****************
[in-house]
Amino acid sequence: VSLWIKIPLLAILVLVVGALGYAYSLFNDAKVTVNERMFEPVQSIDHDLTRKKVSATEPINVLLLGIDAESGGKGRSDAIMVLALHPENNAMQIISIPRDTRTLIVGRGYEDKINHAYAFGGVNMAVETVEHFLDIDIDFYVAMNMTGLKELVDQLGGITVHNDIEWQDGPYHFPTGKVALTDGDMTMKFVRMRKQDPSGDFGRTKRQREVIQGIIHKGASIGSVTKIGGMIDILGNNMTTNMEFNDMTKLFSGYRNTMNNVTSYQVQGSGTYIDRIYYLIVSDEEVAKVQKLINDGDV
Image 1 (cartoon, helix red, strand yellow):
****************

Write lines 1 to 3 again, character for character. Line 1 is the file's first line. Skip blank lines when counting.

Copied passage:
[in-house]
Amino acid sequence: VSLWIKIPLLAILVLVVGALGYAYSLFNDAKVTVNERMFEPVQSIDHDLTRKKVSATEPINVLLLGIDAESGGKGRSDAIMVLALHPENNAMQIISIPRDTRTLIVGRGYEDKINHAYAFGGVNMAVETVEHFLDIDIDFYVAMNMTGLKELVDQLGGITVHNDIEWQDGPYHFPTGKVALTDGDMTMKFVRMRKQDPSGDFGRTKRQREVIQGIIHKGASIGSVTKIGGMIDILGNNMTTNMEFNDMTKLFSGYRNTMNNVTSYQVQGSGTYIDRIYYLIVSDEEVAKVQKLINDGDV
Image 1 (cartoon, helix red, strand yellow):